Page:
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James Ka'upena Wong

Aug. 21, 1929

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James Ka’upena Wong's 1964 performance at the Newport Folk Festival is thought to have been the first presentation of Hawaiian chant as part of the American folk tradition. He helped establish a program in Hawaiian chant and *hula* at the University of Hawaii, stressing that his people’s traditions “should continue to be a vital, living part of our islands’ pluralistic cultural environment.” Arlington, Virginia, 2005, photograph by Alan Govenar
James Ka'upena Wong, photograph by Bob Burgess, courtesy National Endowment for the Arts
James Ka'upena Wong at his home in Makaha, *Star-Bulletin* photograph by Richard Walker, courtesy National Endowment for the Arts
James Ka'upena Wong, 2005 National Heritage Fellowship Concert, Washington, D.C., photograph by Michael G. Stewart, courtesy National Endowment for the Arts
James Ka'upena Wong, 2005 National Heritage Fellowship Concert, Washington, D.C., photograph by Michael G. Stewart, courtesy National Endowment for the Arts
James Ka'upena Wong, 2005 National Heritage Fellowship Concert, Washington, D.C., photograph by Michael G. Stewart, courtesy National Endowment for the Arts
James Ka'upena Wong, 2005 National Heritage Fellowship Concert, Washington, D.C., photograph by Michael G. Stewart, courtesy National Endowment for the Arts
James Ka'upena Wong, 2005 National Heritage Fellowship Concert, Washington, D.C., photograph by Michael G. Stewart, courtesy National Endowment for the Arts

James Ka’upena Wong's mother, who was Hawaiian-English, was an accomplished hula dancer. His father, who was Hawaiian-Chinese, was a skilled musician and singer. Wong attended the Kamehameha School for Boys, where he was further exposed to Hawaiian traditions and values. While studying there, he was taken to the Honolulu Academy of Arts, where he witnessed a performance by Iolani Lulahine, a famous hula dancer.

Wong’s formal training as a chanter began in 1952, when he began a twelve-year apprenticeship with Mary Kawena Puku’i. He mastered the five styles of mele kahiko, the ancient poetry chant of Hawaii. He also learned to dance and to play several instruments, including the drum and the musical bow. Wong became the drummer and chanter for his teacher’s daughter, hula dancer and chanter Pele Puku’i.

“Those were wonderfully exciting years,” Wong told an interviewer. “After all, there I was, Western, an American of part-Hawaiian ancestry, middle-class, college-educated and with a gnawing desire to know more about my … Hawaiian heritage … learning and gleaning insights into Hawaiian cultural themes and then performing those traditions with Kawena and Pele before the community at large.”

Wong later studied with other masters, who helped him to deepen his skills and understanding. In addition, Wong has composed music since the early 1960s, creating in the Hawaiian language both traditional chants and Western-influenced songs. He sees no conflict in working in both forms, calling the more Westernized music another part of “our ethos, our musical selves.” As a recording artist, he has left a living record of the genres in which he works.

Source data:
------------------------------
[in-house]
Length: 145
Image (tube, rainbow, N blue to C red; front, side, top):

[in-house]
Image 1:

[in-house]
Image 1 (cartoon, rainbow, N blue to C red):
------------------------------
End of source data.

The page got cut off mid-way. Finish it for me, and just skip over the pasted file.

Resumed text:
In 1964, at the invitation of American folksinger Pete Seeger, Wong performed at the Newport Folk Festival, in what is believed to have been the first presentation of Hawaiian chant as part of the American folk tradition. He returned to Washington in 1969 as the chanter at the unveiling of the statue of King Kamehameha I, who united most of the Hawaiian Islands under his rule early in the 19th century.

Wong earned a degree in political science, has been involved in education as a teacher and administrator in public and private schools, and has worked in vocational education and curriculum development. In addition, he has worked as a salesman, tour guide and practical nurse. After retiring, he continued to compose music and to research and document his heritage. He helped establish a program in Hawaiian chant and hula at the University of Hawaii, the first representation of Hawaiian culture in higher education in the state.

A chanter is a “keeper of the word” in Hawaiian culture, and Wong says his primary teacher, Mary Kawena Puku’i, shared her knowledge with him without thought of payment, “with the thought, I believe, that an understanding of and appreciation for the old cultural ways would continue through me and the many to whom she gave so generously. More importantly, it was Kawena’s intent that elements of the old traditions (chants in my case) were not only to be studied but, indeed, they should continue to be a vital, living part of our islands’ pluralistic cultural environment.”

Bibliography
Berger, John. “Life’s Passion.” Starbulletin.com, March 11, 2004.

Watch

James Ka'upena Wong, 2005 National Heritage Fellowship Concert, Washington, D.C., courtesy National Endowment for the Arts

James Ka'upena Wong, 2005 National Heritage Fellowship Concert, Washington, D.C., courtesy National Endowment for the Arts


Listen

James Wong answers the question 'When did your mentor teach you chanting?' Washington, D.C., 2005, interview by Alan Govenar

James Wong answers the question 'What was your multicultural heritage upbringing like?' Arlington, Virginia, 2005, interview by Alan Govenar

James Wong performs a traditional Hawaiian chant, Arlington, Virginia, 2005, interview by Alan Govenar

James Wong answers the question 'Are there different types of chants?' Arlington, Virginia, 2005, interview by Alan Govenar

James Wong answers the question 'What keeps you going?' Arlington, Virginia, 2005, interview by Alan Govenar